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"Being clever" antipattern in Elm

aneb sometimes more is less

Disclaimer: I write this article based on my experience and "feels" - and thus the points might not be right and are open to discussion! In the post I say things like "Elm values X and Y" - and might be wrong. I believe I'm not though :) Definitely feel free to write a comment below!


I sometimes lurk on the Elm Slack (obligatory registration link!) and talk with people hanging there. We have the #beginners and #help channels for questions of any kind, however trivial.

Today a person wanted to optimize this expression:

List.partition ((==) 2) [1,2,3]

with regards to parentheses count (ie. get rid of them). A few solutions appeared:

equals2 =
    (==) 2
List.partition equals2 [1,2,3]

flip List.partition [1,2,3] <| (==) 2

and some judgement was made:

"personally, the parentheses before made it easier to read and like more normal elm code"

I understand the poster's question - he wants to see if there's a better way to write his code. I often feel this way in Haskell. Given how there are many (many many many) operators, there often is a way to write more succint code.

In Elm, though, there is usually One Good Way™ to do a particular thing, and it's a simple way at that.

In this particular example, the original code is probably good enough. But I would even go as far as to not use the ((==) 2) part, and go for maximum readability. For me, that means:

List.partition (\x -> x == 2) [1,2,3]

The thing is, ((==) 2) might not be too bad, but ((<) 2) would stop me for anywhere from 5 to 30 seconds before I was sure of what it does. ("Do I have the condition reversed in my head?")

Compare it to this version, where it's immediately obvious what the function does and that it's correct.

List.partition (\x -> x < 2) [1,2,3]

Some functions are commutative (a == b is the same as b == a) and some are not (a < b vs b < a), and I really really don't want to think about "do I have it right?" two weeks from now just because I used the partial function application a few minutes ago and feel clever about it.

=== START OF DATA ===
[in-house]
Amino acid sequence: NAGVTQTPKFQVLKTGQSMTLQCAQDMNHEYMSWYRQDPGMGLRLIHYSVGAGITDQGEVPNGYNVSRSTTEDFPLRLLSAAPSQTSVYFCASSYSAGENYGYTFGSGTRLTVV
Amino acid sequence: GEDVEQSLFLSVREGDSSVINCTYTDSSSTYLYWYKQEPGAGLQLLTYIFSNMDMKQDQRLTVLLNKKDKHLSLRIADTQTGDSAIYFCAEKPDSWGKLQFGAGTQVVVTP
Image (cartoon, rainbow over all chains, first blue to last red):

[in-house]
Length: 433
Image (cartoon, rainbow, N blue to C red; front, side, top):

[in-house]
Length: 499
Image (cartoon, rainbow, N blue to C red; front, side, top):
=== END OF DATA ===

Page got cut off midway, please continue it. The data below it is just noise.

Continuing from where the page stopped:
The same goes for "point-free" style (ommiting arguments from function definitions):

sum : List number -> number
sum =
    List.foldl (+) 0

Again, this particular example isn't too bad but it makes me freeze for a few seconds: "Wait a minute, the type definition says something else than the arguments of the function!"

I guess going a bit more silly with this example would illustrate it better:

sumWithStartingValue : number -> List number -> number
sumWithStartingValue =
    List.foldl (+)

I'd much rather have:

sumWithStartingValue : number -> List number -> number
sumWithStartingValue startingValue numbers =
    List.foldl (+) startingValue numbers

because there is absolutely zero magic, zero cleverness, zero figuring out how the particular function works.


Haskell has this culture of "clever is better", and sure, it allows the programs be very, very terse. But I don't really see the value in that, and as far as I can tell, Elm doesn't either.

Elm doesn't value writing terse code, or clever code. Elm values readability. If you get thoughts like "This is so painfully explicit", like I do when seeing and writing code like (\x -> x == 2), don't let them make you refactor it into something more clever, but less readable.

Union types antipattern in Elm

aneb still some ways to shoot yourself in a foot

Note for English speakers: Sorry for not having an all-English blog interface - it's mostly Czech blog after all, and for now I'm far too lazy to do something about a localization switch :) I'm sure you'll be able to guess what means what, though - comments, etc. You're smart!